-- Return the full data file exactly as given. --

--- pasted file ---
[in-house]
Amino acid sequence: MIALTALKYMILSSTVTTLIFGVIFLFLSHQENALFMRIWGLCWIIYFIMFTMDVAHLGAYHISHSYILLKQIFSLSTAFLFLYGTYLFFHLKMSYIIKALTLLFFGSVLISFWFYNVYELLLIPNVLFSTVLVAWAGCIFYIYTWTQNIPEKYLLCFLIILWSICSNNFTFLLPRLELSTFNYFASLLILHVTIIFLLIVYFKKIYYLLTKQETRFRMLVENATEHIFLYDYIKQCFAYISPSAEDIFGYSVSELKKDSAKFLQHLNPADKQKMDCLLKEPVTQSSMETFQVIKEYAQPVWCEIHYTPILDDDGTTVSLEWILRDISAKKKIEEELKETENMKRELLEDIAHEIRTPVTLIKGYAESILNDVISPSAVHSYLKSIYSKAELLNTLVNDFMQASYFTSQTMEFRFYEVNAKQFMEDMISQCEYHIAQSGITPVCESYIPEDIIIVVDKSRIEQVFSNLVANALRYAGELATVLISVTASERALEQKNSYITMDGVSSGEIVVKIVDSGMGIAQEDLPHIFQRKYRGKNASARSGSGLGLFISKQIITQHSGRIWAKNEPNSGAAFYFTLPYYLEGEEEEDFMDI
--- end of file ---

[in-house]
Amino acid sequence: MIALTALKYMILSSTVTTLIFGVIFLFLSHQENALFMRIWGLCWIIYFIMFTMDVAHLGAYHISHSYILLKQIFSLSTAFLFLYGTYLFFHLKMSYIIKALTLLFFGSVLISFWFYNVYELLLIPNVLFSTVLVAWAGCIFYIYTWTQNIPEKYLLCFLIILWSICSNNFTFLLPRLELSTFNYFASLLILHVTIIFLLIVYFKKIYYLLTKQETRFRMLVENATEHIFLYDYIKQCFAYISPSAEDIFGYSVSELKKDSAKFLQHLNPADKQKMDCLLKEPVTQSSMETFQVIKEYAQPVWCEIHYTPILDDDGTTVSLEWILRDISAKKKIEEELKETENMKRELLEDIAHEIRTPVTLIKGYAESILNDVISPSAVHSYLKSIYSKAELLNTLVNDFMQASYFTSQTMEFRFYEVNAKQFMEDMISQCEYHIAQSGITPVCESYIPEDIIIVVDKSRIEQVFSNLVANALRYAGELATVLISVTASERALEQKNSYITMDGVSSGEIVVKIVDSGMGIAQEDLPHIFQRKYRGKNASARSGSGLGLFISKQIITQHSGRIWAKNEPNSGAAFYFTLPYYLEGEEEEDFMDI